It is not possible for anyone to benefit from this test - except for the obvious financial benefit to the practitioner.

    1. the medical industry is sensitive to these sorts of things because they are trying to protect their high paying jobs. can't blame them for that but the rape needs to end and good health needs to begin. Labs test dead blood these guys show living blood in a living state, something an MD would never do. I have seen this work and it does help much more than some computerized lab report.

    2. I have had this done and its right on the money and I only paid 25 dollars and could see my living blood right before my eyes. I could see the cells clumped together and I could see the progress I was making with each visit and most of all I opened my eyes to the quackery that is modern medicine and the quacks that go around calling others quacks merely to protect their high incomes. The AMA, the FDA and the drug industry form the largest organized crime syndicate ever to plague mankind.

    3. While medicine isn't perfect and nor is any regulatory body this doesn't diminish the fact that live blood analysis is a made up technique that doesn't and cannot do what it claims.

      Far too much emphasis is given to what appears to be mostly artefact and it relies on a misunderstanding of physiology and nutrition.

      Live blood analysis is a scam practised by people who genuinely don't seem to know that it's a scam and who honestly want to help people - commendable, but ultimately unfortunate. While I am critical of the claims made by people who sell this service I do not think they are fraudulent, they are just as mistaken as the people who waste money on it.

      Anecdotes still unreliable.. not really sure why people keep bothering to send them in.

    4. Hi Jo,
      I have a BA in Medical Technology and am a licensed Med Tech. I also have my license in MRI and my Masters in Alternative Medicine. Currently I am working on my Doctorate in Alternative Medicine so I do have an avid interest and belief in the value of Alt Med and its benefits. While I do believe there are many aspects of holistic medicine which are sound and extremely beneficial, I have also discovered that there are some modalities such as Nutritional Cellular Microscopy which can be misleading in its claims. While it is true one can determine sickle cell and even some parasites such as elephantiasis (provided the blood sample was taken at night) and to a certain degree malaria, the incidence of error and misdiagnosis is high. Anemia's besides sickle cell can be visually "assumed" by looking at whole blood wet preps (micro or macrocytic anemias)it once again is a judgement call and not very reliable. The fact is that many of us are nutritionally poor, whether by poor diet, unhealthy lifestyles or medications. So most suggestions given by this modality can help an individual because they involve methods we all could use to improve our health. Suggestions generally include a healthier diet, vitamin or herbal supplements, exercise and some form of mind/body therapy (meditation, visualization, biofeedback or de-stressing techniques) which can benefit a person.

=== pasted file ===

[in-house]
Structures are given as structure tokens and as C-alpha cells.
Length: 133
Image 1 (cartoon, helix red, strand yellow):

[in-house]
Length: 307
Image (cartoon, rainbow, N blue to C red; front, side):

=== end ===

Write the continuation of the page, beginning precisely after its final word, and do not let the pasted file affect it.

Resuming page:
So my overall opinion is that this modality is basically not beneficial and if one is seeking to improve their health through non-traditional means there are many viable options out there for one to consider. Ayurvedic medicine, naturopathy, homeopathy, nutritional therapy and traditional Chinese medicine are just a few areas that have proven to be very helpful in maintaining and improving health.

    5. why are we arguing we should all be finding a solution for good health

    6. Yes, and live blood testing isn't a solution, no argument about that. I recently came across this article which explains extremely well why live blood analysis is such pseudoscience

      It also seems that the rather regrettable behaviour of one live blood analyst has now brought this particular use of microscopy under far greater scrutiny than it might have had in previous years. Three different analysts are now listed on the Advertising Standards Authority's non-compliant online advertisers page and there have been numerous other adjudications and informally resolved adjudications.


Comment policy: I enthusiastically welcome corrections and I entertain polite disagreement ;) Because of the nature of this blog it attracts a LOT - 5 a day at the moment - of spam comments (I write about spam practices,misleading marketing and unevidenced quackery) and so I'm more likely to post a pasted version of your comment, removing any hyperlinks.

Comments written in ALL CAPS LOCK will be deleted and I won't publish any pro-homeopathy comments, that ship has sailed I'm afraid (it's nonsense).